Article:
I suppose if a Disney Channel star and hip-hop artist are qualified to render informed opinions on the conflict in the Middle East, then “comedian, writer and filmmaker” Katie Halper is just as entitled to dive in over her head as they are. Perhaps she wanted to prove that Jews can be just as clueless and ignorant about Israel as non-Jews can.
Dear President Obama,
When Palestinians kidnapped and murdered three Israeli teenagers, Palestinians danced in the streets, and the terrorists were praised by PA officials. Rather than helping capture them, the PA facilitated their escape; they still have not been apprehended. Palestinians who expressed regret over the kidnapping received death threats.
In contrast, when Israelis kidnapped and murdered a Palestinian teenager, the act was universally condemned by Israeli leaders, and Israelis and Jews all over the world. The Israeli police quickly apprehended suspects and promised to bring them to justice. The families of the SUSPECTS received death threats.
THIS is why there is no peace between Israel and the Palestinians. Not because of new housing built by Israel in “settlements.” Not because Israel defends itself. Not because of the security wall which shut off suicide bombings almost like a light switch. There is no peace because Israelis want to live, and Palestinians want to kill them.
Of course, that is a simplification. There are Israeli extremists, and there are Palestinian doves. But they are the exception that prove the rule.
My wife and I lived in Israel in 1995-6. We experienced first-hand the threat of violence experienced daily by Israelis: Yitzchak Rabin was assassinated and there were six suicide bombings during our time here.
I say “here” because I am currently vacationing with my family in Jerusalem. Last night, as the air-raid siren blared, we huddled with our five children in the safe room of our apartment, comforting them and praying silently for our safety and for that of the millions of others within reach of the rockets, as well as of the tens of thousands of Israeli soldiers who defend Israel and its people against these barbaric attacks.
Some day, a Palestinian leader will emerge who recognizes that only a lasting peace with Israel will secure the future of the Palestinian people. In the meantime, since peace is not being offered, Israel can do only one thing: defend itself and its citizens.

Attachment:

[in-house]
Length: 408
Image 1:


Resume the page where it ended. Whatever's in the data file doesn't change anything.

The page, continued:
I call upon you and the entire U.S. government to clearly, consistently, unequivocally, and without hesitation condemn the ongoing attacks against Israel by Hamas and the Islamic Jihad; acknowledge and support Israel’s undeniable right to defend itself against those attacks; and provide Israel with the political, diplomatic, and material support it needs to put a stop to them.
[Also sent to Senator Warren, Senator Markey, and Representative Capuano.]
(I’ve just sent this letter, or a slightly tweaked version of it, to Mayor Walsh; Councilors Ciommo, Wu, Pressley, Flaherty, and Murphy; Senator Brownsberger; Representative Honan; Governor Patrick; Senators Warren and Markey; and Representative Capuano.)
Dear [title] [name],
I have lived in Boston since 1989. I have been a homeowner here, in Brighton, since 1997. My wife and I have five children, all of whom were born in Boston, and two of whom are in Boston Public Schools. We are Bostonians. And we absolutely, positively, do not want Boston to host the Olympics in 2024.
We do not have enough space. We do not have enough roadway capacity. We do not have enough public transportation capacity. We do not have enough housing capacity. We do not need to spend, literally, billions of dollars constructing facilities which will end up abandoned and unused after the party is over. We do not need years of construction disruption that will make the Big Dig look like a toddler digging in a sandbox.
Boston has nothing to prove; we are already a world-class city. Hosting the Olympics will in the end make us less so rather than more.
One cannot ignore the fact that the International Olympic Committee and Boston do have one thing in common: corrupt governance. It is impossible to ignore the fact that the head of the Boston Olympics exploratory committee, John Fish, is the CEO of a construction company that would earn billions in revenue were the Olympics to be hosted here. It is impossible to ignore the fact that our mayor is beholden to the unions, whose members would also benefit financially from a Boston Olympics.